15 Aug / Amulet | Book Six: Escape from Lucien by Kazu Kibuishi
The wait is just about over: Book Six hits shelves in just 11 days. Yes, almost two years have passed since Book Five pubbed, but creator Kazu Kibuishi has hardly been resting on his mega-bestseller laurels: that he was the artist chosen to give the legendary Harry Potter series a 15th anniversary face-lift certainly kept him occupied, given he had to create seven new covers! No HP fan am I (travesty! heresy!), but Kibuishi’s covers sure make an enticing package.
But back to the riveting, addictive Amulet series with both the covers and the contents imagined and produced by Kibuishi, thank goodness. Super-siblings Emily and Navin are about to embark on separate endeavors, which can only (understandably) make a mother worry. The city of Lucien has been destroyed, but a communications beacon located there must be found. When the reconnaissance team is announced, Navin is not among the chosen pilots, dismissed as a “slacker”by the short-sighted professor. Soon enough, he’s forced to mutter a grateful “good luck,” when he sends Navin to rescue the mission on the brink of going terribly wrong.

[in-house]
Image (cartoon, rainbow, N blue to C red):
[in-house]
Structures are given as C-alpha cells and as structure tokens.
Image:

While Navin attempts to help save Lucien’s survivors, Emily, Vigo, and Trellis face traitorous Max once more. Shockingly, Max presents the trio with a message from Emily’s long-dead father. In order to fight the powerful Voice, Max convinces the threesome they must follow him into the Void to confront eternal demons that live on in memory. Even with new revelations, the Stonekeepers’ future is looking more challenging than ever.
Book Six is all about fatal possessions and sacrifices, a wise giving tree, an underground mayor, vengeance fueled by true love, a Lost Horizon-esque shocker, the return of the moving House … and, most importantly, the realization (once again): “We’re going to need a little help from our friends.” The volume raises more questions than offers answers which can only mean that Book Seven – lucky number, that! – can’t come soon enough. That’s a good thing, although alas, the wait begins … (again).
Readers: Middle Grade